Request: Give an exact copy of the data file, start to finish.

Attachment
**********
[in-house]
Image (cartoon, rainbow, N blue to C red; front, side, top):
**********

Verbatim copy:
[in-house]
Image (cartoon, rainbow, N blue to C red; front, side, top):